She wastes no time in waiting to walk again. After being released from the hospital on a Saturday, she was at church Sunday morning. She still goes to the grocery store, and went to all the Reddies’ home football games since being back home, including one where the Showband of Arkansas unfurled a banner they made of love and support, which she was able to keep.

Indeed, an “overwhelming” amount of people from all over the world have expressed love and support for Dr. Wyatt during this time of recovery. “The doctors couldn’t have saved me if my heart stopped, and my heart never stopped, not one time,” she said. “That’s from the prayers everyone has given me.” She received hundreds of get-well cards, and has read every single one of them so far as they continue to come. A GoFundMe page was set up and raised over $14,000. “It’s just amazing how thoughtful people are. People I don’t even know.”

Dr. Wyatt has no memory of the accident, but has heard stories and met several of the people who helped her out of her burning car. She mentioned Tony Bell, Jimmy McKay, Hunter Lewis, Bodie Welch, and a trucker she has been unable to reach who she only knows as “Redeye.” When the car caught on fire, the first three cars that stopped to help were all equipped with fire extinguishers, used quickly and emptied completely at the exact moment the fire department arrived. “I’ve got a bunch of amazing moments that tell me I should be here on this Earth,” she said. Two firemen, her story goes, were planning to get lunch at the Great Wall Buffet across from Walmart on W.P. Malone Drive. When they came upon it and saw that it was closed, they grabbed a to-go lunch elsewhere — returning to duty earlier than they would have had they sat down to eat where they initially planned. Had the restaurant been open, “this would have turned out very differently.”

“Our first responders, whether they’re firemen, ambulance, police, and just general public were wonderful. People stopped and talked to me, from what I understand, and held my hand… it’s just been a very humbling experience.”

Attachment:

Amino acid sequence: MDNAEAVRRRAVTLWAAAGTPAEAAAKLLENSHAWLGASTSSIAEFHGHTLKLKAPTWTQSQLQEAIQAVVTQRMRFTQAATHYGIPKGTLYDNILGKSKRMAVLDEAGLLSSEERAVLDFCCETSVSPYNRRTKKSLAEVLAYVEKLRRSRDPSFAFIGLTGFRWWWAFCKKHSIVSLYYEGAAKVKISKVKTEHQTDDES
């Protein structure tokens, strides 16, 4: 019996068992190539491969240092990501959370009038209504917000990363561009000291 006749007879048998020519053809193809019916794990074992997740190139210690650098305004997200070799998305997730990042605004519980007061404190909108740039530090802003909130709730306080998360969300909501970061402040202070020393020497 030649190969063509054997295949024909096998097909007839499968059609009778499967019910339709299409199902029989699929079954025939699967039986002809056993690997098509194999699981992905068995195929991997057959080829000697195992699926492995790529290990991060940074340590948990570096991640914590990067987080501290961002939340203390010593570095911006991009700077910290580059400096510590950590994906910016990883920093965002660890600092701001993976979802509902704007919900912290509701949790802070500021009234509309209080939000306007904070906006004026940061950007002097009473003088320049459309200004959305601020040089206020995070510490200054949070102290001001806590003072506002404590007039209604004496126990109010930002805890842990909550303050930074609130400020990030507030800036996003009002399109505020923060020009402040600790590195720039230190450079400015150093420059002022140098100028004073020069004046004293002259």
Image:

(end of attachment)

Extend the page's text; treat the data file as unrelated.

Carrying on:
The initial period of recovery spanned 81 days, with 19 surgeries across three hospitals: UAMS, Baptist Health, and Arkansas Children’s Hospital for burn treatment. By the time she got to that last stop, she was plenty aware and passed the time practicing with her wheelchair up and down the hall.

“I’ve always been an optimistic person, at least that’s what my husband says.” Dr. Wyatt described a recent sermon about “living a grateful life,” given by Rev. Zeke Allen at First United Methodist Church where she regularly attends. She sat down after the sermon and said “Let’s talk about what I’m ungrateful for. My arm, two legs, my eye… Then I started thinking about the things I’m grateful for, and there were about five billion things I was grateful for. That five billion is greater than the five that I’m angry about, that I’m ungrateful for. That’s the way I choose to live.”

Dr. Wyatt would like to thank the whole community. “I’ve felt very loved, and the prayers, the first responders… the people that were there that happened upon the wreck and stopped, there’s just an unbelievably large amount of people that are a part of this, and I am so very grateful they were where they were at the time, and they’ve continued to be there. I’ve got a long road, but the worst part’s behind me. I’m alive, and I thank all of them for that.”